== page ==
Republicans dominate politics in states, but Dems make a dent
Over the past 25 years, Republicans have methodically consolidated power in state legislatures, taking both chambers in every Southern state, flipping long-Democratic Midwestern strongholds and claiming new territory like West Virginia. Heading into the midterm elections, they controlled two-thirds of all state legislative bodies.
Newly energized activists and donors on the left had hoped to begin rolling back that trend this year, and Tuesday, Democrats took a big step, netting about 250 state legislative seats. But their major victories all came in states Hillary Clinton won in 2016. Their road back to simple parity remains long.
Democrats took outright control of seven chambers in six states, leaving Minnesota as the only state with a divided Legislature. Those wins are modest compared with 2010, when Republicans captured two dozen chambers before the once-a-decade redistricting process that state legislatures largely control.
“Part of the reason Democrats did not do better on Tuesday was because Republicans mostly drew the lines of the districts they’re still running in,” said Tim Storey, director of state services for the National Conference of State Legislatures. “That has haunted Democrats the entire decade, getting wiped out in 2010.”
Redistricting is around the corner again, and that’s partly why Democrats have made a bigger push this year. They’re reacting, too, to much of what Republican majorities produced: stand-your-ground gun laws, voter ID requirements, bills limiting the power of unions, and social policies like governing who can use public bathrooms.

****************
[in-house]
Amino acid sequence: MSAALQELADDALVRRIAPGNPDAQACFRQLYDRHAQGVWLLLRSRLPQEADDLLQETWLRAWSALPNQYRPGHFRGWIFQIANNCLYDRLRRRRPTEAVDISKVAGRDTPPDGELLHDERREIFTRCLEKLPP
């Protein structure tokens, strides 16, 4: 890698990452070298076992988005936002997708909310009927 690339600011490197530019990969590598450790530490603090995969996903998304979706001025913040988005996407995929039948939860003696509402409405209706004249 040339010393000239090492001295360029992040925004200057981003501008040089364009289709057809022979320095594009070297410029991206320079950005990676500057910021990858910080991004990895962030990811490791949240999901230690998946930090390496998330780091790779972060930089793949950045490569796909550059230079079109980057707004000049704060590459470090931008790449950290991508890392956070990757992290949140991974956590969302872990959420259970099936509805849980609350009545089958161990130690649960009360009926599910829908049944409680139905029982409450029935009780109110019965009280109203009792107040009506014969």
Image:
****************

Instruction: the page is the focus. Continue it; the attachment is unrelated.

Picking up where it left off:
Democrats won the governor’s office in seven states (with races in Florida and Georgia still undecided). They now claim the governor’s mansion in the swing states of Michigan and Wisconsin heading into the 2020 election. And they’ll take unified control of the legislature and executive branch in six new states.
Illinois, with its Democratic-controlled Legislature, will now have a Democratic governor. In New York, where Gov. Andrew Cuomo remains in power, the Democratic Party will now control the state Senate for the first time in a decade. (Democratic candidates won a majority of Senate seats there in 2012, but a group of them formed a coalition with Republicans, giving them control of the chamber.)
As a testament to their dominance over the past two decades, Republicans entering this election held unified power in 25 states — a remarkable shift from when they controlled no single state in 1976. Democrats held complete power in just eight states entering this election, after off-cycle elections in New Jersey and Washington in 2017.
Unified state control
Political scientists say Republicans have become so dominant at the state level because of their focus on organization and alliances with well-funded pro-business groups, like the American Legislative Exchange Council (ALEC). And they’ve risen to power in the states during a time, since the 1980s, when responsibilities have increasingly shifted to the states to set rules for federal programs. Most state legislatures have no filibuster, making action easier there, too.
“By the time that progressives wake up to the fact that conservative networks have been so successful, they are now starting from behind,” said Alexander Hertel-fernandez, a political scientist at Columbia University who has written a forthcoming book, “State Capture,” covering this period.
Republican state legislators have had more power than Republicans in Congress to derail parts of the Affordable Care Act, by refusing its offer to fund most of a Medicaid expansion. Across a range of other conservative priorities, model bills advocated by groups like ALEC have been adopted in states across the country.